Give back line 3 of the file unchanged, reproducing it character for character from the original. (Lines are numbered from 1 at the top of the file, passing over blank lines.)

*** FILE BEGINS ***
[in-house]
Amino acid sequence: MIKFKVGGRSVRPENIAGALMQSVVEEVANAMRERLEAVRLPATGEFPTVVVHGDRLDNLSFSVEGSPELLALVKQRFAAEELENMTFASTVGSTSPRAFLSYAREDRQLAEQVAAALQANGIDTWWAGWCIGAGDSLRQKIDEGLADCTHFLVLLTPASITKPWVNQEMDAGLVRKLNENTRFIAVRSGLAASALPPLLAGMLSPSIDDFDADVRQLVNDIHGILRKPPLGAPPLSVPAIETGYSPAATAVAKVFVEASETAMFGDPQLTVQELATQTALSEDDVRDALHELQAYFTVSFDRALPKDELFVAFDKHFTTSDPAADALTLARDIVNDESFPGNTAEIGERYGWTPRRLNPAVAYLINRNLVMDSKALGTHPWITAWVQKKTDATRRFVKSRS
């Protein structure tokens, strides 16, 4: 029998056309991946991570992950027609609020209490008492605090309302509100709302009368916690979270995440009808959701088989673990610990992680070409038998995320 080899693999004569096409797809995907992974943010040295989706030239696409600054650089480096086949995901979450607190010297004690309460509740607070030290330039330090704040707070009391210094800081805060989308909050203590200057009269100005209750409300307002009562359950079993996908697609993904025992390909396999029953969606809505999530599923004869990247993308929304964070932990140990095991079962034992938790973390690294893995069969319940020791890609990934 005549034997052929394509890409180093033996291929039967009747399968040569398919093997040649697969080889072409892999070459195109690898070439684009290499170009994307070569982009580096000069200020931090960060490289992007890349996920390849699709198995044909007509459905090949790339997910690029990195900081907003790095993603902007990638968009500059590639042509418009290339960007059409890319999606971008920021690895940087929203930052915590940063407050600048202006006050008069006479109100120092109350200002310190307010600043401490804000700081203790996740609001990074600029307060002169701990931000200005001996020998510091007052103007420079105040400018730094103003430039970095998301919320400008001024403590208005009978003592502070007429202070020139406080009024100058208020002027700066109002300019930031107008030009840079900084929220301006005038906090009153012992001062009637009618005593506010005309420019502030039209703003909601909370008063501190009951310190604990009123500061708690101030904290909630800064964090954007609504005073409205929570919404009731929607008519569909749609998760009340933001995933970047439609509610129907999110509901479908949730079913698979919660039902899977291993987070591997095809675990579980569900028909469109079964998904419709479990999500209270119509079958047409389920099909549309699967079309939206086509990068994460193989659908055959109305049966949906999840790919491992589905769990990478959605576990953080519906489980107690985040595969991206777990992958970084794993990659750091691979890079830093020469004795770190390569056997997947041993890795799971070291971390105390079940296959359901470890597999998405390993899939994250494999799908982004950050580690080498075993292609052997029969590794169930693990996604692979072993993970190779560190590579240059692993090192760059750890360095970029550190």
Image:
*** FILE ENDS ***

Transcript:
């Protein structure tokens, strides 16, 4: 029998056309991946991570992950027609609020209490008492605090309302509100709302009368916690979270995440009808959701088989673990610990992680070409038998995320 080899693999004569096409797809995907992974943010040295989706030239696409600054650089480096086949995901979450607190010297004690309460509740607070030290330039330090704040707070009391210094800081805060989308909050203590200057009269100005209750409300307002009562359950079993996908697609993904025992390909396999029953969606809505999530599923004869990247993308929304964070932990140990095991079962034992938790973390690294893995069969319940020791890609990934 005549034997052929394509890409180093033996291929039967009747399968040569398919093997040649697969080889072409892999070459195109690898070439684009290499170009994307070569982009580096000069200020931090960060490289992007890349996920390849699709198995044909007509459905090949790339997910690029990195900081907003790095993603902007990638968009500059590639042509418009290339960007059409890319999606971008920021690895940087929203930052915590940063407050600048202006006050008069006479109100120092109350200002310190307010600043401490804000700081203790996740609001990074600029307060002169701990931000200005001996020998510091007052103007420079105040400018730094103003430039970095998301919320400008001024403590208005009978003592502070007429202070020139406080009024100058208020002027700066109002300019930031107008030009840079900084929220301006005038906090009153012992001062009637009618005593506010005309420019502030039209703003909601909370008063501190009951310190604990009123500061708690101030904290909630800064964090954007609504005073409205929570919404009731929607008519569909749609998760009340933001995933970047439609509610129907999110509901479908949730079913698979919660039902899977291993987070591997095809675990579980569900028909469109079964998904419709479990999500209270119509079958047409389920099909549309699967079309939206086509990068994460193989659908055959109305049966949906999840790919491992589905769990990478959605576990953080519906489980107690985040595969991206777990992958970084794993990659750091691979890079830093020469004795770190390569056997997947041993890795799971070291971390105390079940296959359901470890597999998405390993899939994250494999799908982004950050580690080498075993292609052997029969590794169930693990996604692979072993993970190779560190590579240059692993090192760059750890360095970029550190």